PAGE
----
At one time Elaine, who is an accountant, was permitted to work in Palestinian Authority-controlled enclaves. Now she’s prohibited from doing so, just like everyone else in her situation. At one time her visa allowed her to travel across the Green Line, and Elaine went to pray in Jerusalem and to visit Nazareth. Now she isn’t allowed because in recent years the visa given to Western spouses of Palestinians has been “for Judea and Samaria only” – the West Bank. One time, her visa wasn’t renewed because her husband was abroad, another common pretext used by the Interior Ministry.

Tariq Zoughbi lecturing to a group from Sweden in Wi'am center in Bethlehem, West Bank.

There are more than 30,000 families whose requests have piled up at the Palestinian administration of civil affairs (the counterpart of COGAT). There are thousands of others – their number is unknown – who haven’t bothered to file a request for family unification because they know that Israel refuses even to examine them.

Israel’s policy regarding “mixed” couples, with one partner not being a resident of the West Bank or Gaza, has undergone several changes since 1967, but the main message has always been that Israel opposes the settling in these areas of foreigners who have married Palestinians. If they wish to live together, they must do so abroad.

This was true before the Oslo Accords were signed and afterward as well, with the establishment of the Palestinian Authority, as reflected in reports by the rights groups Hamoked and B’Tselem. These were based on copious information that accumulated in hearings of petitions filed by Hamoked’s lawyers since the end of the ‘80s. Thousands of families did remain, despite the difficulties. But many others have given up: They split up or left the country.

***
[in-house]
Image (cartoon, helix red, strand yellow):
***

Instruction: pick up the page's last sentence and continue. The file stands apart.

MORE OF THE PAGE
Currently, the government says that it’s refusing to approve family unification because the issue is of affairs of state and a new policy is being formulated (in a process underway for several years) by a task force. In the past, the explanations were more honest. In July 1987, Supreme Court President Meir Shamgar, in one of his rulings against granting resident status to a spouse of a Palestinian, quoted the explanation given by then-Deputy State Prosecutor Menachem Mazuz (and today a Supreme Court justice).

Shamgar wrote: “The State of Israel is unwilling to accept a situation in which any resident of this area can marry a woman abroad and bring her here. The decision on who enters and settles in one of these areas [the West Bank or Gaza] is one for the authorities to make, and no resident can impose his or her private choice on the authorities. However, one should remember that a refusal to allow entry to a husband or wife does not mean that the couple is doomed to live apart, since there is nothing to prevent (barring security considerations) the local resident from going abroad to reunite with his or her spouse. If family unification is indeed the supreme consideration of the petitioners, this can be met in this fashion as well.”

In the mid-’90s, Zoughbi Zoughbi founded the Wi’am Palestinian Conflict Transformation Center, intended to resolve personal, family and social conflicts through mediation. The center is located in an impressive 19th-century building belonging to his mother’s family, the Sansours, on the road linking Jerusalem to Bethlehem.

The road is cut now by the separation wall. The imposing wall and a scary concrete military watch tower overlook the Wi’am Center and its garden. A week and a half ago, next to the wall, Zoughbi said: “We refuse to hate, refuse to resort to violence and refuse to seek revenge. We harbor no feelings of hatred or resentment, but we want to celebrate life.”